Short Film Tips: Music Composition in 5 Ways
Written by  Daisie Team
Published on 7 min read


  1. Selecting music genres for your short film
  2. How to compose original music score
  3. Using stock music effectively
  4. Why timing matters in film music
  5. How to collaborate with a music composer

Ah, the art of short film making! It's a world where every detail counts, and one of the most impactful of these is music. Knowing how to use music composition for a short film can make the difference between a film that simply passes by and one that truly resonates with its audience. So let's dive in and explore some tips on how to bring your short film to life with the power of music composition.

Selecting music genres for your short film

To kick off our exploration, let's talk about the importance of selecting the right music genre for your short film. This decision can play a big role in setting the mood, enhancing the narrative, and connecting with your audience on an emotional level. But how do we make that decision? Let's break it down:

Understanding your film's theme

First things first: you need to understand your film's theme. Is it a heartwarming tale of friendship? A suspenseful thriller? Or perhaps a humorous romp through an absurd situation? Your film's theme will provide you with clues about what kind of music will best support your story. For instance, a dramatic soundtrack might work well for a thriller, while a lighter, more playful score would be a great fit for a comedy.

Knowing your audience

Next, think about who will be watching your film. Different audience groups can have wildly varying music tastes. If your film is for a younger crowd, you might want to lean towards more modern and upbeat music genres. If your audience leans older, they might appreciate a classical or jazz score. Remember—your music isn't just there to support your story; it's also there to connect with your audience.

Experimenting with genres

Finally, don't be afraid to experiment! The world of music is vast and full of possibilities. Maybe your horror film could benefit from an unexpected sprinkle of bluegrass, or your romantic drama could use some gritty rock 'n' roll. As long as it serves your narrative and connects with your audience, the sky's the limit. So go ahead—play around with your music and see what works best for your short film.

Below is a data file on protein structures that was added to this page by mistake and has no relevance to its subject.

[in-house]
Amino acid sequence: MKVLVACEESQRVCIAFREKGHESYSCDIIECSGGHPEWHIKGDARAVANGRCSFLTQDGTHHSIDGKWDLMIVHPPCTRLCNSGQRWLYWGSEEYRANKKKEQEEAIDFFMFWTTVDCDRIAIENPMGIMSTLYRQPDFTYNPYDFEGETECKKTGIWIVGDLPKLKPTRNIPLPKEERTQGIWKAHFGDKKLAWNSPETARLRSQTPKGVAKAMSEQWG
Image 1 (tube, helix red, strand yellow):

Remember, selecting the right music genre is an important first step in learning how to use music composition for a short film. It sets the tone, enhances your narrative, and helps to connect with your audience on a deeper level. So choose wisely—and have fun with it!

How to compose original music score

Alright, so you've selected a genre that aligns with your film's theme and resonates with your audience. Now, let's roll up our sleeves and dive into the nitty-gritty: composing an original music score for your short film. Sounds daunting? Don't fret—it's a creative process that can be both exciting and rewarding. Let's break it down:

Charting your film's emotional journey

First, you'll want to map out your film's emotional journey. This isn't just about the plot—it's about the feelings and emotions your characters experience and evoke. This emotional map can help guide your music composition. For instance, a scene of triumph might call for a rousing crescendo, while a quiet moment of introspection might be best paired with a soft, slow melody.

Creating motifs and themes

Next, consider creating musical motifs or themes for your characters or key moments in your film. These recurring musical ideas can help to create a sense of continuity and can add layers of meaning to your narrative. Think of the ominous two-note motif in Jaws or the stirring theme of Star Wars—these aren't just catchy tunes, they've become synonymous with the characters and stories they represent.

Experimenting with instrumentation

Finally, experiment with different instruments to create the right atmosphere for your short film. Different instruments can evoke different feelings and emotions—a haunting violin solo, a jubilant trumpet fanfare, a melancholic piano piece. Don't be afraid to mix and match to find the perfect blend of sounds for your film.

Composing original music for your short film can be a challenging but ultimately rewarding process. It's all about understanding your film's emotional journey, creating memorable motifs and themes, and experimenting with different instruments. And remember, this is your composition—there are no wrong answers, only creative choices. So go forth and compose with confidence!

Using stock music effectively

Let's shift gears a bit. What if you're not a composer or don't have access to one? Don't worry—you can still create a memorable soundtrack for your short film using stock music. It might not have the personalized touch of an original score, but used effectively, it can still pack a punch. Here's how:

Choosing the right stock music